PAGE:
As momentum builds on Capitol Hill and among the Congo advocacy community in support of legislation that would make the lucrative trade in minerals from eastern Congo more transparent, a key State Department official came out this week strongly in favor of concerted action from the U.S. government.
Undersecretary of State for Economic, Energy, and Agricultural Affairs Robert Hormats was the featured speaker on a panel on responsible resources trade at the Center for Strategic and International Studies on Tuesday.
A video of the full event is now available online, but Hormats’ opening remarks in particular are worth highlighting because they touch on the wide range of angles through which the conflict minerals trade must be tackled to have a meaningful and lasting impact.
“We have to promote transparency, accountability, and the rule of law within state authority so that people can trust government to affirm their rights,” Hormats said. “We have to build the capacity of civil society to demand a future without corruption—one that cements the gains of a meaningful democracy. And we must strengthen the infrastructure for legitimate trade, investment, and economic growth.”
Hormats explained that the State Department views conflict minerals as an important piece of its wider strategy for engaging in Congo. According to the “strategic action plan” for conflict minerals that Hormats laid out, the State Department will raise awareness about the issue, boost diplomatic efforts to target the trade, encourage responsible natural resources trade, support the U.N. mission in the east, build capacity within the Congolese government, and protect artisanal miners and mining communities.
But one colleague, who recently returned from the region, aptly pointed out a crucial missing piece in the approach Hormats outlined that will hamper its effectiveness in both the short- and long-term. "We need to be firm in recognizing that several companies and governments are still invested in the conflict minerals trade today and that it will take a harder push to dislodge them,” commented Sasha Lezhnev of Grassroots Reconciliation Group. “It is only with serious signals from the U.S. government and major end-users like electronics and jewelry companies, that they will not accept anything less than serious, independently verified minerals, that will force the bad apples to change,” he wrote in an email.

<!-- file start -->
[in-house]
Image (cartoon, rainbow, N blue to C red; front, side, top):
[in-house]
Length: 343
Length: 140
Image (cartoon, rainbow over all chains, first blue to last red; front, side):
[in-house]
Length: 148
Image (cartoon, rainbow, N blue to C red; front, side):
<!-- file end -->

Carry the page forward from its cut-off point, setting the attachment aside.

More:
Looking ahead, Hormats pointed out that if these efforts successfully create a system that can “withstand external forces” that lead to the blights Congo faces today, it could become a model to replicate in other contexts where local populations are unable to reap the benefits of resource wealth – or worse, where natural riches serve those perpetrating atrocities. That’s optimistic thinking indeed, but it reassuringly conveys that Hormats and team view Congo’s struggle with conflict minerals as both a priority in its own right and as a opportunity to break new ground in the way resources are responsibly traded.
So far, the State Department has been conspicuously quiet about the legislation pending in both the House and Senate that would address the issue of conflict minerals. Signaling its support for these concrete efforts to make the mineral trade more transparent is an important place to start.
Photo: U.S. Undersecretary of State for Economic, Energy, and Agricultural Affairs Robert Hormats at CSIS (screengrab)